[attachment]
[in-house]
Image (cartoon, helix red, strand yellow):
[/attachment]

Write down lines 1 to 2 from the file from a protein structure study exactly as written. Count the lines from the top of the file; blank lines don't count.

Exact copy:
[in-house]
Image (cartoon, helix red, strand yellow):